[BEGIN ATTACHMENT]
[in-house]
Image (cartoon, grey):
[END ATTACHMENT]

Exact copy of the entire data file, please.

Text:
[in-house]
Image (cartoon, grey):